So today comes this editorial reporting on comments made by the Russian and Chinese presidents which in the eyes of this observer are completely out of form and unheard of, but in a good way.
[Chinese] President Hu Jintao commented that the launch was “not good” and that North Korea would be better off focusing on improving the lives of its people; in a meeting between the South Korean leader and Russia, President Dimitry Medvedev noted that “North Korea should put the survival of its people before the launch of long range rockets” and reminded Pyongyang that it cannot live off international aid forever. (Emphasis added.)
Whether any of the harsh words will translate into concrete actions in the capitals concerned is a moot point, of course; nevertheless, it was a change of scene (you can say that again) in the context of Russia and China, nations which used to protect North Korea every time it played with international fire like this. (Emphasis added.)
In particular, President Hu’s open opposition to the launch was surprising; though known to be regularly unimpressed at North Korea’s behavior, in past instances Beijing’s leaders have largely resisted the temptation to openly criticize North Korea. Of course, it is possible that he was simply playing to international public opinion, but speaking that way with the leaders of 53 countries representing 90% of world productive capacity forming the audience nevertheless puts a significant degree of pressure on the regime of Kim Jong Eun. (Emphasis added.)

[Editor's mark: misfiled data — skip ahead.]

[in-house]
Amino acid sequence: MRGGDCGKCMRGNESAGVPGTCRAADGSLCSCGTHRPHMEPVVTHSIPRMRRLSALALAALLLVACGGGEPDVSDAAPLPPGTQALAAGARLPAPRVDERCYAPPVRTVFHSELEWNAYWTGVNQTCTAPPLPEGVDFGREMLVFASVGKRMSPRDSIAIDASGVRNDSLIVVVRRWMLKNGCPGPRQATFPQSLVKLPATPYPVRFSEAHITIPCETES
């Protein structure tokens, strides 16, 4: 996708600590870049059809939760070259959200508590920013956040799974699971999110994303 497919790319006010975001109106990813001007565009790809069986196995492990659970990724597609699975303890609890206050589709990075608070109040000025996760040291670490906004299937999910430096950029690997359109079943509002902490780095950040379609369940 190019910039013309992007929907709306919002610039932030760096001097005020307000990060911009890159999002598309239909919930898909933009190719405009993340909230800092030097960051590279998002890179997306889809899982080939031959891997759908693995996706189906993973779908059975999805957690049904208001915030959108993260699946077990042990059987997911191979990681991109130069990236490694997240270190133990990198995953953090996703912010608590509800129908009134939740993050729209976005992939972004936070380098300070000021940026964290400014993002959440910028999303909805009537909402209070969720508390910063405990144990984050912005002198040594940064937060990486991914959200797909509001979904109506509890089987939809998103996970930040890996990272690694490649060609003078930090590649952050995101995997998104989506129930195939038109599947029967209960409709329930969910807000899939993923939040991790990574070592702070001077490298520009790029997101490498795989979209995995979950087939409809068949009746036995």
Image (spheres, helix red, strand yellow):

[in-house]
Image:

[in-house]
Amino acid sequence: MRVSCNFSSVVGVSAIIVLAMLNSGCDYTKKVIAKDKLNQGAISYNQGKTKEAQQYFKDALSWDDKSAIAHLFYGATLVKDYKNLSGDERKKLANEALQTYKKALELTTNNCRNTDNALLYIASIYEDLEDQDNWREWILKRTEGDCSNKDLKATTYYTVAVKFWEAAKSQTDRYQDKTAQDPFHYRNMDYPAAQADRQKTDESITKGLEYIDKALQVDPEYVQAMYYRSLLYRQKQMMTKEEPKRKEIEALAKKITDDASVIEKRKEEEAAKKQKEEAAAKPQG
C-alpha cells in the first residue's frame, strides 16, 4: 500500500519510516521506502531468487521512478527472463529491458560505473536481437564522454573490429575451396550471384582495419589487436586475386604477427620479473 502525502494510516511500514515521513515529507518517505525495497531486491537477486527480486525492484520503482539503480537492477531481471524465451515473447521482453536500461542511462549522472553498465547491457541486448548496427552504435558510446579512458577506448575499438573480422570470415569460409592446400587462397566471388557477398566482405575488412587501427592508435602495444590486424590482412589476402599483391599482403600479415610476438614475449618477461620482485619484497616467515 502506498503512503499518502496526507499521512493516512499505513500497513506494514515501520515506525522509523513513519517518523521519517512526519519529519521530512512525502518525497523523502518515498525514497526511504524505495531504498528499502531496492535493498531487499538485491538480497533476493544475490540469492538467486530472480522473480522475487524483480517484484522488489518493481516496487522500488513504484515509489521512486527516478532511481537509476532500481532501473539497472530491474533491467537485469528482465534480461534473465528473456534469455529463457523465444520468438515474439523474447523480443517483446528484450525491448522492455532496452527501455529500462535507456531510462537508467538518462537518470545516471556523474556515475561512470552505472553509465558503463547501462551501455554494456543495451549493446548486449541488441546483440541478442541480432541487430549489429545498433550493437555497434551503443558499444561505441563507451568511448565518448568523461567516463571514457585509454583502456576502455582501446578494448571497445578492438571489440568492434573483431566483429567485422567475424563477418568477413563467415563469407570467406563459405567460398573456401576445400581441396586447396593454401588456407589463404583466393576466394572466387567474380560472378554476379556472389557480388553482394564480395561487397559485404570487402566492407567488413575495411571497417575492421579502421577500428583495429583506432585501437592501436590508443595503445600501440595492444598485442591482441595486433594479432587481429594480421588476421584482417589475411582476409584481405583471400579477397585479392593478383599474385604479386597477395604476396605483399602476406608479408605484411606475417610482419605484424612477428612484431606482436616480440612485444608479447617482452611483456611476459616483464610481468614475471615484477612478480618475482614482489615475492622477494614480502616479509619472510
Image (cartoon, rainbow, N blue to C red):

Not surprisingly, the North responded like a spoiled child:
A spokesman for the North’s Ministry of Foreign Affairs seemed almost boastful yesterday when he retorted that the country “will absolutely not abandon the satellite launch,” and called the problem one of an international community with an insatiable appetite for confrontation rather than a North Korean state with an insatiable appetite for controversy.It’s a short editorial and well worth reading, so why not?